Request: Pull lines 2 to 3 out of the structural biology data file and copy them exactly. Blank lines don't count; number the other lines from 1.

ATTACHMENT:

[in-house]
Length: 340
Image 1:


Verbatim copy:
Length: 340
Image 1: